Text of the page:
Prisoners could be released from prison to prevent the spread of coronavirus.
On Sunday, Prison Officers Association general secretary Steve Gillan described the coronavirus situation in prisons as "unprecedented" for both prisoners and staff.
Speaking on Sky News's Sophy Ridge he said: "This is one of the most critical issues going and I'm pleased to say we're working constructively with government and with employers."
In response to the international coronavirus outbreak, Iran has freed tens of thousands of prisoners to prevent the spread of the illness behind bars.
When asked if releasing some prisoners was in the contingency plan, Mr Gillan said: "Not as yet, but previous governments have done what was called an executive release of prisoners, that may come in the future to free up spaces in prisons."
He explained this could be in the form of temporary release or the release of prisoners towards the end of their sentences.
"The secretary of state has the powers to look at low-risk category prisoners and just release them as that executive release," he added.
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Last month Staffordshire Police Northern Area Custody Facility at Etruria went into lockdown amid fears a prisoner had coronavirus.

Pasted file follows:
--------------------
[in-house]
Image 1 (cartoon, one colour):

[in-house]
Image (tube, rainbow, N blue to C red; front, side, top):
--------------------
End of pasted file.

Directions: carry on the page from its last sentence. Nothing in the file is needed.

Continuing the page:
Although she later tested negative, the isolation of two police constables and one PCSO gave a hint of how vulnerable the prison sector is to the virus.
Mr Gillan said a limited amount of single-capacity cells in the prison system would cause problems, while 75 prisoners are currently in isolation.
He added that no one in the prison system had tested positive for the disease as far as he was aware.
Some prisoner have been isolated in single-cell accommodation however.
Mr Gillan said prisons would need more resources to accommodate officer overtime and sickness.
Prisons minister Lucy Frazer previously said prison staff were working closely with the Department of Health and the NHS to "manage challenges" and urged anyone with symptoms of Covid-19 to avoid visiting a relative behind bars.
In an announcement on Thursday, Ms Frazer said the safety of staff, inmates and visitors was "paramount", adding measures being taken included putting up posters to promote good hygiene and stocking up on soap and cleaning materials.
She said: "Prisons have existing, well-developed policies and procedures in place to manage outbreaks of infectious diseases.
"This means prisons are well-prepared to take immediate action whenever cases or suspected cases are identified, including isolating individuals where necessary."
Earlier this month protests were staged outside Italian prisons over measures intended to control the virus's spread, including a ban on family visits.
Inmates in four prisons revolted over new rules introduced to contain the coronavirus outbreak.
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